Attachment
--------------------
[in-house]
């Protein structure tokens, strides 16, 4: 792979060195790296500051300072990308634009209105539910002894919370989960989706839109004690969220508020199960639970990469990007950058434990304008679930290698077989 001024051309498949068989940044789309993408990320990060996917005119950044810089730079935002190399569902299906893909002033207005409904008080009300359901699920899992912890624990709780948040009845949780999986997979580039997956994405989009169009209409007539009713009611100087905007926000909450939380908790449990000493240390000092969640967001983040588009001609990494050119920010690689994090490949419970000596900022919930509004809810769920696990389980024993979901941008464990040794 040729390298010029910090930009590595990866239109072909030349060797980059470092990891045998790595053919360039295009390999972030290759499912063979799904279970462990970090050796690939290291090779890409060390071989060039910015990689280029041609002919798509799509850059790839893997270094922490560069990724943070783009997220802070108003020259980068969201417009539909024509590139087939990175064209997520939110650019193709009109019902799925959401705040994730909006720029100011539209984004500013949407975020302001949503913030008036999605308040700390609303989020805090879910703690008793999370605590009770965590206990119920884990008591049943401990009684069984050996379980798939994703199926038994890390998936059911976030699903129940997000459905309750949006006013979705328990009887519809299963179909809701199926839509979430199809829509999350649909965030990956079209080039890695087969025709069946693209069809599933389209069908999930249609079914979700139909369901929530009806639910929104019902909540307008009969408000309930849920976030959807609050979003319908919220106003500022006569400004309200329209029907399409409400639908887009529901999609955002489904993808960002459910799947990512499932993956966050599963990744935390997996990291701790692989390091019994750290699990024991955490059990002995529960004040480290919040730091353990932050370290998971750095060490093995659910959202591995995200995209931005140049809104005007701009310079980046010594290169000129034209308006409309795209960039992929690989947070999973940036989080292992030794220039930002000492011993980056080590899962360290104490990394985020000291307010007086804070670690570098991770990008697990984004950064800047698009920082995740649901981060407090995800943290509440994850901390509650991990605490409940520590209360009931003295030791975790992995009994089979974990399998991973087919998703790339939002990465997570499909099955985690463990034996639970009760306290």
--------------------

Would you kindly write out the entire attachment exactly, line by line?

[in-house]
């Protein structure tokens, strides 16, 4: 792979060195790296500051300072990308634009209105539910002894919370989960989706839109004690969220508020199960639970990469990007950058434990304008679930290698077989 001024051309498949068989940044789309993408990320990060996917005119950044810089730079935002190399569902299906893909002033207005409904008080009300359901699920899992912890624990709780948040009845949780999986997979580039997956994405989009169009209409007539009713009611100087905007926000909450939380908790449990000493240390000092969640967001983040588009001609990494050119920010690689994090490949419970000596900022919930509004809810769920696990389980024993979901941008464990040794 040729390298010029910090930009590595990866239109072909030349060797980059470092990891045998790595053919360039295009390999972030290759499912063979799904279970462990970090050796690939290291090779890409060390071989060039910015990689280029041609002919798509799509850059790839893997270094922490560069990724943070783009997220802070108003020259980068969201417009539909024509590139087939990175064209997520939110650019193709009109019902799925959401705040994730909006720029100011539209984004500013949407975020302001949503913030008036999605308040700390609303989020805090879910703690008793999370605590009770965590206990119920884990008591049943401990009684069984050996379980798939994703199926038994890390998936059911976030699903129940997000459905309750949006006013979705328990009887519809299963179909809701199926839509979430199809829509999350649909965030990956079209080039890695087969025709069946693209069809599933389209069908999930249609079914979700139909369901929530009806639910929104019902909540307008009969408000309930849920976030959807609050979003319908919220106003500022006569400004309200329209029907399409409400639908887009529901999609955002489904993808960002459910799947990512499932993956966050599963990744935390997996990291701790692989390091019994750290699990024991955490059990002995529960004040480290919040730091353990932050370290998971750095060490093995659910959202591995995200995209931005140049809104005007701009310079980046010594290169000129034209308006409309795209960039992929690989947070999973940036989080292992030794220039930002000492011993980056080590899962360290104490990394985020000291307010007086804070670690570098991770990008697990984004950064800047698009920082995740649901981060407090995800943290509440994850901390509650991990605490409940520590209360009931003295030791975790992995009994089979974990399998991973087919998703790339939002990465997570499909099955985690463990034996639970009760306290």